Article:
I know I promised to discuss more types of media, but I’ll get to that next week.  There’s a lot to say about materials and after writing, what I felt to be the minimum needed to give you some guidance and direction, I now feel I would end up with a “tl:dr” post.  Anyhow, stay-tuned for another post in a week about photographs.  And if we are super lucky I’ll get into digital materials after that.

Stay frosty.

*Archival slang (yes, we have this) for “tons of stuff/junk” or in some cases “hoarding.”

**Please, please, please double-check your local (usually state) and the federal requirements (IRS) for keeping certain types of financial documents.  They can accumulate quickly and for a variety of reasons they need to be kept for as little as seven years in some cases and permanently in others.  This blog is not a substitution for records management advice.

***It just "looks" gray.  It's actually a very bright white.

Thursday, August 13, 2015

Throwback to 1963: School of Nursing tests out new uniforms!

Being as it is #ThrowbackThursday and I'm deep in preparations for the Fall 2015 exhibit on the School of Nursing, I thought I would throw it back to 1963 and this special article in the April 1963 issue of University of Oregon Medical School's "What's Going On":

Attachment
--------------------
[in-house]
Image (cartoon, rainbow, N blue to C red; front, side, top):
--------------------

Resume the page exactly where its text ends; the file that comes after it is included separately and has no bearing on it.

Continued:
Original caption: "Researchers without a grant are (L. to R.): Senior Penny Kortge and Juniors Sandra Forrest and Patricia Reith. Penny and Sandra are testing two new nursing uniforms under consideration. Patricia is wearing the present style, copied in a drip dry fabric."
New student uniforms testing! You might be thinking this move is not newsworthy, but you would be WRONG, dear reader. Previous to the new drip-dry and wash and wear uniforms of the 1960s, nursing student uniforms required a great deal of care and preparation, both for the student and for the school. Through the 1950s, nursing students turned their uniforms in to the laundry service on Marquam Hill for proper washing and starching. Many of our alums mention the discomfort associate with the heavy starching of the old uniforms, including the unpleasant effects of the highly starched collar on a sunburned neck after a summer's day off swimming!

As you can imagine, any effort to modernize, streamline, and add comfort to the student uniform was big news for SON students. The "What's Going On" article highlights the intense testing and consideration of the new uniform process (a student uniform committee was involved). It also features the kind of winking, "Mad Men" sexism that pervaded gendered attitudes about the nursing profession in the mid-twentieth century (and beyond...).